Reinforcement Learning 3

Moderator: Krzysztof Choromanski


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Tue 20 July 17:00 - 17:20 PDT
Randomized Entity-wise Factorization for Multi-Agent Reinforcement Learning

Shariq Iqbal · Christian Schroeder · Bei Peng · Wendelin Boehmer · Shimon Whiteson · Fei Sha

Multi-agent settings in the real world often involve tasks with varying types and quantities of agents and non-agent entities; however, common patterns of behavior often emerge among these agents/entities. Our method aims to leverage these commonalities by asking the question: What is the expected utility of each agent when only considering a randomly selected sub-group of its observed entities?'' By posing this counterfactual question, we can recognize state-action trajectories within sub-groups of entities that we may have encountered in another task and use what we learned in that task to inform our prediction in the current one. We then reconstruct a prediction of the full returns as a combination of factors considering these disjoint groups of entities and train thisrandomly factorized" value function as an auxiliary objective for value-based multi-agent reinforcement learning. By doing so, our model can recognize and leverage similarities across tasks to improve learning efficiency in a multi-task setting. Our approach, Randomized Entity-wise Factorization for Imagined Learning (REFIL), outperforms all strong baselines by a significant margin in challenging multi-task StarCraft micromanagement settings.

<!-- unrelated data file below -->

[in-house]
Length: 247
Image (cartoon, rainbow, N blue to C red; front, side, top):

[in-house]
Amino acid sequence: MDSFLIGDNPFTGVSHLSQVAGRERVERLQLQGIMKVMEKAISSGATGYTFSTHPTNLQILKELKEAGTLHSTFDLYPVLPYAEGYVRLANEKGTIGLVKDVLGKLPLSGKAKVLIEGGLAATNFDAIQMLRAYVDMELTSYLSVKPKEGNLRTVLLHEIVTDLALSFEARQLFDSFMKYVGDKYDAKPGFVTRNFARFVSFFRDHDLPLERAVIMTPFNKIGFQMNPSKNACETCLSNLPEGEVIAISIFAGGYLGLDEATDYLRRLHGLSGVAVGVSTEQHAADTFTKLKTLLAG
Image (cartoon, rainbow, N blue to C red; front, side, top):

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Tue 20 July 17:20 - 17:25 PDT
Re-understanding Finite-State Representations of Recurrent Policy Networks

Mohamad H Danesh · Anurag Koul · Alan Fern · Saeed Khorram

We introduce an approach for understanding control policies represented as recurrent neural networks. Recent work has approached this problem by transforming such recurrent policy networks into finite-state machines (FSM) and then analyzing the equivalent minimized FSM. While this led to interesting insights, the minimization process can obscure a deeper understanding of a machine's operation by merging states that are semantically distinct. To address this issue, we introduce an analysis approach that starts with an unminimized FSM and applies more-interpretable reductions that preserve the key decision points of the policy. We also contribute an attention tool to attain a deeper understanding of the role of observations in the decisions. Our case studies on 7 Atari games and 3 control benchmarks demonstrate that the approach can reveal insights that have not been previously noticed.